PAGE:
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Authors
Swanson, Mark W.; Weise, Katherine K.; Dreer, Laura E.; Johnston, James; Davis, Richard D.; Ferguson, Dre; Hale, Matthew Heath; Gould, Sara J.; Christy, Jennifer B.; Busettini, Claudio; Lee, Sarah D.; Swanson, Erin

Academic Difficulty and Vision Symptoms in Children with Concussion

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Abstract/Introduction

Purpose 

Academic difficulty is reported in children with prolonged post-concussive symptoms. Despite growing evidence that vestibular-ocular and vision-specific dysfunction are common in children after concussion, vision is rarely mentioned in return-to-learn protocols. The purpose of this project was to evaluate a cohort of children with prolonged post-concussive symptoms to determine if vision symptoms are associated with those reporting academic difficulty.

 

Methods 

Data were obtained from the Children’s of Alabama Concussion Clinic REDCap dataset from the period January 2007 to October 2013. From this dataset of 1033 concussion events, a cohort of 276 children aged 5 to 18 years with three or more concussion-related symptoms present for 10 days or more was identified. A cross-sectional cohort study was undertaken to evaluate the association of concussion symptoms, SCAT2 scores, and demographic and concussion severity markers to reported educational difficulty among children with prolonged post-concussive symptoms. Univariate and multivariate logistic regression techniques were used to model the association of reported educational difficulty to self-reported vision abnormalities.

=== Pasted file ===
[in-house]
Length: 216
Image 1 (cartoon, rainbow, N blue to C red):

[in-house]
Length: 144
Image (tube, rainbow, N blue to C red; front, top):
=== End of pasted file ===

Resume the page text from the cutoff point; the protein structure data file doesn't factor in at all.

Conclusion/Results

Results 

Mean age was 13.8 years. Median time since the concussive event was 21 days, with 33% (95/276) reporting their concussion more than 30 days before data collection. Academic difficulty was reported by 29% (79/270) and vision abnormalities in 46% (128/274). After model reduction, vision symptoms (OR 2.17, 95% CI 1.02, 4.62), hearing disturbance (OR 2.39, 95% CI 1.06, 5.36), and concentration difficulty (OR 21.62, 95% CI 9.50, 44.47) remained associated with academic difficulty. For those with symptoms 30 days or more after concussion, only vision (OR 3.15, 95% CI 1.06, 9.38) and concentration difficulty (OR 15.33, 95% CI 4.99, 47.05) remained statistically significant.

 

Conclusions 

Vision problems were commonly reported in children with concussions and were independently associated with those reporting academic difficulty. Comprehensive vision assessment should be considered in children reporting academic difficulty and in the development of return-to-learn protocols.


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Dr. Kavner recommended two types of eye therapy for my daughter. One of them using bio-feedback. In just three sessions she is seeing considerably better. She shouted this morning: Ooh my God! I could not see these letters with my glasses on, and now I can see them without my glasses. If you are willing and able to invest in improving your vision, this is a good place to go to!


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